A generic bland taste
But anyway. It’s not impossible to create proper tools of course. Which is why I said you’ll need some experience writing games, editors, or similar software before initiating your next SuperEngine. It’s only too bad you’ll need to fail a couple of times first before doing it right. But at least you’ll be experienced by then, which is valuable knowledge wherever your programming skills are needed.

If there is one truly good reason to make your own engine, besides for gaining experience or saving money (most engines will charge when selling your game), it would be to give it your personal touch. As professional engines get more and more flexible, doing so in an existing engine is also more possible, yet there are some constraints. Now I’m not a Unreal or Cryengine expert, but obviously these engines are biased towards shooters, first- or third person action games. If you plan a Flight Simulator, Tetris, Formula 1 or Mario alike platform game, they’re probably not the best choices.

As with any generic multi-purpose package, there are boundaries and rules. And these packages have to balance somewhere between keeping it simple stupid, and giving enough options. More options and tweaking generally means harder-to-comprehend. Less options usually means easier-but-limited. This goes for Microsoft Sharepoint office, ERP database programs, website builders, programmable domestic devices, robots, and so on. Game engines are no exception.

Of course that doesn’t matter much if your planned games fall within the engine specialization. But since Tower22 certainly won’t be a shooter and does contain some atypical elements that you won’t often see in most games, I’m quite sure that most existing game-engines will pull me down at some point. It also occurs to me that many games based on a specific engine, keep carrying a certain graphical style, and gameplay vibe. Your sub consciousness just knows you’ve been there before.

All in all, I just don’t like most generic software packages out there. And so, the “do-it-yourself” modus is engaged. It’s a shitload of work, finding artists is (too) hard, I’ll get stomped away often when the big boys show their new breath-taking technologies. But, this games feels mine. It may not look better, but at least it looks different. And it will play different.

A shot from the "old" Engine22 map editor. A new one is in the make. Not the first one, and probably not the last map-editor I'll write in this life either (although I hope so).

Need some help?
Making your own engine certainly isn’t impossible. But you’ll need to have some experience – or make an engine just for gaining that experience on a relative simple game. You’ll need too many free hours, and you’ll need to be realistic about it. And as explained above, you’ll need a good reason. If you *have* to make an engine solely for realizing your game, you will likely get bored and stop halfway. To me, making Engine22 (for Tower22) the past ~7 years almost feels like sadomasochism.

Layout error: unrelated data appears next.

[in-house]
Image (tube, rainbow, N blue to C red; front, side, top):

So, if you still feel like making your own engine, then I have some good news for you. But also for those who don’t want to make their own engine (completely), and need something Delphi based, read on. As promised before, Engine22 will be released. That means you can download the Delphi files (as BPL packages currently), and later on also some of the tools and example materials. And as we do, I’ll explain the why’s and how’s in the engine bit by bit. So whether you plan to use E22 or not, this Blog (or a side-Blog, Wiki, maybe Youtube channel) will guide you.

As I’m doing an engine re-write (hence the re-attempt warnings I gave above!), it will take some time before the units and tools are *done*. But at the same time it nicely allows to document my steps. And having learned a terrible lot the past years, the re-write will be better, smoother, faster and tighter than ever before. I wouldn’t say “learn from the master”, but I certainly think I can help you on your way, either with E22 code or by posting articles.

To give it some body and structure, I’ll be making a simple (Delphi) demo program to begin with. “Labyrinth Bowler!”. Or something. It won’t be an awesome game, but it’s a nice simple test-case to guide you through the articles below. Of course, I’ll be using Engine22, but the underlying logic and tactics can be used for your own engine as well.

* Labyrinth Bowler: Sample Game description
* Engine22: Tasks and responsibility
- What should an engine do?
- Modular design
- How to extend it with custom code?

* Basis – Start the engine
- Project setup